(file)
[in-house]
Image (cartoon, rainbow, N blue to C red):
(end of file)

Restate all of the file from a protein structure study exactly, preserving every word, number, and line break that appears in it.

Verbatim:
[in-house]
Image (cartoon, rainbow, N blue to C red):